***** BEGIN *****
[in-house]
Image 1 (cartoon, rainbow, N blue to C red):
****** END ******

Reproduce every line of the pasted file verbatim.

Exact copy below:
[in-house]
Image 1 (cartoon, rainbow, N blue to C red):